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Opinion: In 2020s, resolve to stop scammers

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Theoretically, scammers could not exist if no one fell for their schemes.

Maybe it’s wishful thinking, but it could be as simple as supply and demand. If people – the commodity – stop being victims, there can be no demand for scammers. That’s a very simple explanation of the microeconomic concept.

Of course, in the real world, it’s not that simple.

Sham businesses very much continue to exist, and to ensure their survival, they’re evolving constantly and coming up with new schemes to target potential victims.

Missouri Attorney General Eric Schmitt’s office recently released its annual list of the Top 10 consumer complaints, nearly all of which involve a scam.

No-call complaints often are carried out by scammers and are No. 1 on the list by a large margin. Schmitt’s office received nearly 44,000 no-call complaints in 2019, representing consumers who took action to let the attorney general know about violations of the state’s no-call law and illegal telemarketing practices. That compares with 2,171 complaints for the No. 2 category of solicitations, publications and subscriptions.

Illegal telemarketing calls are the bane of my existence. The most irritating is when national or international companies engage in an unlawful practice known as caller ID spoofing, in which the phone call appears to be coming from someone with a 417 area code. It’s much less conspicuous than an 800 number, and getting people on the phone in the first place is one of the greatest barriers to entry for scammers.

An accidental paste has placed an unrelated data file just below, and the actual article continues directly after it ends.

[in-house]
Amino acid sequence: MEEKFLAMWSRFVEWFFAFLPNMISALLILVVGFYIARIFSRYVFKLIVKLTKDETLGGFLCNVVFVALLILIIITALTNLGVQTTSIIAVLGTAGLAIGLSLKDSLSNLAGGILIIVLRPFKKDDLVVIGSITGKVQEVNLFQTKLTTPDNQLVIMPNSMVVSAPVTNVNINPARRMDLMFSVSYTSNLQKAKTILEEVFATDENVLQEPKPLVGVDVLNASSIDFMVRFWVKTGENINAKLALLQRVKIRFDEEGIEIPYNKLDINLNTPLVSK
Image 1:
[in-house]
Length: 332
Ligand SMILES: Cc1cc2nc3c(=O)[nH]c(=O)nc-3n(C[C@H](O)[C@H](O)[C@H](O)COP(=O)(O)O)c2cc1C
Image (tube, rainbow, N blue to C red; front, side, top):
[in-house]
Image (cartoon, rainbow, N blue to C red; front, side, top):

Email and phone scams have harmed my loved ones and colleagues, and these schemes benefit no one except the people of very questionable integrity that run them.

My proposal? With the onset of a new decade, let’s all resolve to put a stop to the scamming industry. It’s a group effort, but it’s one well worth the undertaking. I know, it’s easier said than done.

It starts with constant vigilance. Educate yourself daily about new threats. Scammers are examining trends to catch new victims, so why shouldn’t you? Stay ahead of them and keep yourself safe.

Use technology to your benefit by researching companies that purport to be someone they aren’t. For instance, this month, City Utilities customers have complained about scam calls asking them to call an 800 number or their utilities will be disconnected. According to a CU Facebook post, the utility does public-facing business through a single phone number – and it’s not an 800 number. I have a relative who fell for a similar type of call, and it could have been avoided by hanging up the phone, taking a minute to breathe and doing the proper research.

And finally, as stewards of the next generation of would-be victims, teach these ideals to your children.

We can end scamming in the 2020s. Who’s with me?

Springfield Business Journal Web Editor Geoff Pickle can be reached at


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